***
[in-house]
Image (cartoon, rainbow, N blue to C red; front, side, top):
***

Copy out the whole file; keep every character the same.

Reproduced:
[in-house]
Image (cartoon, rainbow, N blue to C red; front, side, top):